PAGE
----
Update on Aloe Institute Support of Foundation Fighting Blindness (FFB) Research
In 2012, The Aloe Institute continued to partner with the FFB to support cutting edge research on age-related macular degeneration (AMD).
This disease, which is the most common cause of blindness among people 55 years of age and older, affects nearly two million people in the U.S. and some ten million more are at risk for developing this condition. Globally, the numbers affected and at risk are staggering. Despite these grim statistics, the research we support offers real hope to those affected and those at risk that we will overcome this vision-robbing disease. The following are examples of some of the promising AMD research that the Aloe Institute helps
A blood test to determine AMD risk
Factors such as age, smoking, overall health, and inheritance of certain genes are known to affect a person’s risk of developing AMD. Unlike the familiar blood tests to determine an individual’s risk of developing diabetes (blood sugar test) or heart disease (cholesterol), there is no test that can provide an early indication of AMD risk.
Foundation-funded researchers led by Dr. John W. Crabb are making significant progress in rectifying this situation. They have developed blood tests for several indicators of AMD risk that they are now evaluating in hundreds of patients and in people unaffected by AMD to confirm their earlier results and to assess the utility of the tests in a more diverse patient population. Having relatively simple blood tests to determine AMD risk would enable patients and retina specialists to implement timely measures to slow retinal degeneration patient population. Having relatively simple blood tests to determine AMD risk would enable patients and retina specialists to implement timely measures to slow retinal degeneration
Enhancing the understanding of retinal inflammation in AMD Postmortem examination of retinas from AMD patients frequently reveals that the retinas have been infiltrated by cells that are more typically observed during the early development of the retina and brain.
These cells are considered to be part of the immune system, but are usually associated with the nervous system, which includes the retina and brain. Corresponding cells in other parts of the body are key players in inflammatory reactions. A team headed by Dr. Joe G. Hollyfield, director of the retinal disease research center at Cole Eye Institute, is investigating the roles that these cells play in AMD. By studying retinas donated by AMD patients, they are attempting to learn if the inflammatory cells originate exclusively in the retina or if they have traveled to the retina from other parts of the body.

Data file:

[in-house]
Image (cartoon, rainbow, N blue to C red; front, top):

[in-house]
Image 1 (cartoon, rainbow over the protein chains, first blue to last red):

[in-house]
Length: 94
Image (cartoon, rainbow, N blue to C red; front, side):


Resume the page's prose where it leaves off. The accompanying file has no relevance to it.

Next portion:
The team also is developing laboratory mice with retinal inflammation. As a model of human retinal inflammation, studies in these animals are likely to yield more definitive information about the source of the inflammatory cells, which would be of considerable importance in guiding future research on possible interventions.
A new approach to understanding AMD
The cells of the retina, like those throughout the body are arrayed in a thin matrix called the EMC that helps to support the cells, segregate tissues, and regulate interactions between cells.
Changes in the EMC have been associated with various diseases and there is evidence that mutations in an EMC-related gene called TIMP causes Sorsby Fundus Dystrophy, an early onset retinal degeneration that is somewhat similar to AMD. Dr. Bela Anand-Apte’s research group is investigating whether an imbalance between TIMP proteins and proteins produced by other EMC- related genes might impair the function of certain retina cells, thus triggering some of the early changes associated with AMD. Their studies employ mice that are unable to produce a particular type of TIMP protein, or that produce a form of the protein that is present in patients with Sorsby Fundus Dystrophy. This ground-breaking project could potentially identify novel therapeutic targets leading to possible treatments for AMD.